The largest waterfall in the world, Victoria Falls on the Zambezi River in Africa has been hit by the worst draught in the century. Victorial Falls has dried up to a trickle. This gorgeous waterfall is known as one of the Seven Wonders of the World. It’s widely known by the natives as Mosi-oa-Tunya, which means the smoke that thunders. Yes! That was the magnanimity of these waterfalls, that attracted people from all over the world to Zimbabwe and Zambia. But now this tourist attraction has been badly affected by the drought and climate change. It has been left to just stones and boulders, with trickles of water flowing down.
What’s In It?
According to an acclaimed global news agency, Victoria Falls usually slows down during the dry season, but this year in particular has resulte in a huge decline in water levels. A handicrafts seller, Dominic Nyambe has stated that in the precious years, the falls wouldn’t dry up to this extent. And this is the first time that localites are experiencing such a drought in Africa.
Tourism too has taken a hit since tourists research about the falls beforehand, and don’t visit this attraction. Not just tourism, even the basic electricity in the area is affected, as Zambia and Zimbabwe both depend on hydropower. They receive hydropower from the Kariba dam situated on the Zambezi river upstream of the waterfalls. The problem of power cuts too prevail in the area.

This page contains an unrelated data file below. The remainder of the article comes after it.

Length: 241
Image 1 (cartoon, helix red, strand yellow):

The Zambezi River Authority have released data which depicts that the waterflow since 1995 is at its lowest. Some areas have low water flow and others are just reduced to dry stones. And while some are debating this is beacuse of climate change, others aren’t sure about this phenomenon. Hydrologist at engineering firm Poyry and a Zambezi river expert, Harald Kling has stated that its difficult to prove that this is caused due to climate change, as droughts have always occured. But if the frequency were to increase, then it can be due to climate change. He further informed that the last drought occured 3 years ago and since then the river has become warmer. Around 437m cubic metres of water was evaporating every second. Did you know, you can Cruise Through Takachiho Gorge, A Volcanic Canyon By A Waterfall in Japan
On the other hand, the president of Zambia, Edgar Lungu has called this incident of the Victoria falls drying up as a stark reminder to everyone about the harsh impact of climate change on the environment. Richard Beilfuss, Head of the International Crane Foundation, who has studied the Zambezi River for the past 3 decades, feels that climate change is the reason behind the monsoon delay. Stretches of this kilometer long waterfall is reduced to dry rocks and scientists out there do blame climate change. Well, we do hope that Africa witnesses monsoon soon, and the Victoria Waterfalls revives itself to the wonder that it is. Taj Mahal too is affected by Climate Change, In More Bizarre News: Taj Mahal Gets 2 Airpurifiers To Combat Air Pollution,